By the provisions of this Bill, it was enacted that any native magistrate of a certain status should be empowered to try criminally, European-born subjects, I have never seen or heard such a storm of seething rage and indignation as then swept through the length and breadth of the land and which at one time threatened serious consequences. Fortunately at the head of the European non-official community we had in the person of Mr. Keswick, senior partner in Jardine Skinner & Co., then the premier firm in Calcutta, a man of undoubted ability and most forcible and independent character, who fought the battle against the Government in a most masterly manner. I think that it was due in a great measure to him that several members of the Government were won over to our side, notably Sir Rivers Thompson, then Lieutenant-Governor of Bengal, who was seriously ill at the time, but rose up from a sick-bed to attend the Council and speak and vote against the Bill; also Mr. Thomas, lately deceased, the member for Madras, who cast aside all personal considerations of future advancement to enter an able and strong protest against this most iniquitous measure. I remember it was in contemplation to hold a monster meeting on the maidan in the big tent of Wilson’s Circus which then happened to be in Calcutta, but in the meantime it was announced that wiser counsels had prevailed, and Lord Ripon had reluctantly climbed down, I believe, after most strenuous persuasion, and had consented to a compromise by agreeing to the introduction of a clause in the Bill conferring the right of option on European-born subjects electing to be tried or not by a native magistrate. Thus ended the most sensational and exciting controversy Calcutta has ever experienced, and one which, unfortunately, struck a note of discord between the European and Indian communities, the effects of which are still apparent, and in a measure marred that feeling of kindliness and mutual trust and good-will that formerly existed between the two races.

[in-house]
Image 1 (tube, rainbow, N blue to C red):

As for the appearance of Calcutta half a century and more ago, it was very different to what it is now, and there were, of course, none of the amenities of life which make the city a pleasant place to live in to-day, even in the hot weather and rains. There were no paved side-walks, the water supply came from tanks and wells, there were no electric lights or fans, and no telephone. The drainage system was of the crudest with open drains in many side streets. There were no “Mansions” or blocks of flats as there are now, and generally the city was a very different place to the Calcutta of to-day. The floods in the streets are pretty bad at the present time after a heavy monsoon storm, but nothing like what they were then, I remember going to office one morning after three days and nights of heavy rain, and at the cornet of Park and Free School Streets, where Park Mansions stand now, there was quite a lake from which as I was passing I was startled to see a tall form rise from the water. It was one of the masters of the Doveton College, who had taken his boys to bathe there, and the water must have been fully three or four feet deep!